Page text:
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Recent changes to the sprockets-rails gem now include a configuration option to silence asset request logging in development.

The problem

I love logs. Whenever someone comes to me with a Rails problem or we need to debug something, the first question I'm thinking is, "What do the logs say?".

That said, sometimes Rails logs more info than we need. By default, Rails will record the web requests for each asset in development. Each page load could incur several to many additional requests for JavaScript, CSS, and images, potentially drowning your STDOUT or development.log.

As this great article on Rails debugging with quiet logs points out, your log may get filled with lines like this:

Started GET "/assets/jquery.abcde.js?body=1" for 127.0.0.1 at 2016-08-27 18:38:00 -0400
...

Unless you're debugging an issue in the asset pipeline, numerous asset requests are not very useful and tend to mask more important info logged in the controller actions.

Quieting assets, the old way

To disable asset logging behavior, many Rails 4 projects have used the quiet_assets gem.

So, why did we need a separate gem in the first place?

Rails::Rack::Logger is a middleware in the Rails middleware stack that logs all requests coming into your Rails app and implements an ActiveSupport::Notification for each request you can hook into for additional information. The quiet_assets gem simply sets the log level to Logger::Error for any request matching your application's assets path prefix, which means it won't show up in your log file or STDOUT.

The quiet_assets gem monkeypatches Rails::Rack::Logger to accomplish this. Here's the relevant code provided in the gem:

Rails::Rack::Logger.class_eval do
  def call_with_quiet_assets(env)
    begin
      if env['PATH_INFO'] =~ ASSETS_REGEX
        env[KEY] = Rails.logger.level
        Rails.logger.level = Logger::ERROR       # set the log level to silence
      end
      call_without_quiet_assets(env)
    ensure
      Rails.logger.level = env[KEY] if env[KEY]  # resets the previous log level
    end
  end
  alias_method_chain :call, :quiet_assets
end

While useful, it would be preferable to avoid monkeypatching the Rails logging middleware and remove the quiet_assets dependency if sprockets-rails could handle this for us.

Replacing the quiet_assets gem

Now, as of the most recent version of sprockets-rails (at the time of this writing, version 3.1.1) provides the ability to silence assets requests. This means the quiet_assets gem is no longer needed in a fresh Rails 5 application.

Here's how to configure your Rails app to silence asset logging with this most recent version of sprockets-rails:

# config/environments/development.rb

Rails.application.configure do

  config.assets.quiet = true

  # ...
end

So how does this work? The sprockets-rails gem now inserts an additional middleware ahead of Rails::Rack::Logger in the middleware stack:

$ bin/rake middleware
# ...
use Sprockets::Rails::QuietAssets
use Rails::Rack::Logger
# ...

When config.assets.quiet is enabled in development, the Sprockets::Rails::Middleware also matches on asset requests, but instead uses the Rails.logger.silence { ... } block method to change the log level to Logger::ERROR.

Here's a link to the recent pull request if you're interested to take a closer look at how this functionality works. The entire middleware is currently only 18 lines:

module Sprockets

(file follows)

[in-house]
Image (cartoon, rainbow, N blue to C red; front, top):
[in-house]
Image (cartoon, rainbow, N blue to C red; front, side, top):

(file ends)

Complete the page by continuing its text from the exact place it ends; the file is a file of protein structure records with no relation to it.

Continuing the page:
module Rails
    class QuietAssets
      def initialize(app)
        @app = app
        @assets_regex = %r(\A/{0,2}#{::Rails.application.config.assets.prefix})
      end

      def call(env)
        if env['PATH_INFO'] =~ @assets_regex
          ::Rails.logger.silence { @app.call(env) }  # silences the logs!
        else
          @app.call(env)
        end
      end
    end
  end
end

Of course, this feature isn't just for Rails 5; it should also be possible for you to upgrade to this version of sprockets-rails for existing Rails 4 applications.

In case you're wondering, the Rails.logger.silence { ... } call assumes your Rails logger includes the LoggerSilence module, which adds the #silence method to the including logger class, which will set the log level to Logger::ERROR for the duration of the block, similar to how the quiet_assets gem works, but without monkeypatching.

Logging to STDOUT

You may be surprised then to see asset requests fail if you're using a non-compliant logger. Unfortunately, this includes the Logger class from the Ruby standard library, which, of course, does not include the LoggerSilence module. You might be using Ruby's Logger if you've followed common recommendations to change your Rails logger to log to STDOUT, as in this tutorial:

config.logger = ActiveSupport::TaggedLogging.new(Logger.new(STDOUT))

I ran into this issue recently when assets were failing to load after I upgraded to sprockets-rails 3.1.1 and began seeing NoMethodError: undefined method 'silence' for #<Logger:...> in my development logs.

The fix is simple: to log to STDOUT and take advantage of the new Sprockets::Rails::QuietAssets middleware, you could use ActiveSupport::Logger instead, which inherits from Ruby Logger and includes LoggerSilence:

config.logger = ActiveSupport::TaggedLogging.new(ActiveSupport::Logger.new(STDOUT))

Alternatively, we could create our own subclass of Logger with LoggerSilence included. If we just want STDOUT logging, we could instead use Heroku's rails_stdout_logging gem, which will also try to include the LoggerSilence module in our logger, if available.

Resources

Be sure to check out the following links if you're interested to learn more about customizing your Rails logger. Happy logging!

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Published on Aug 26, 2016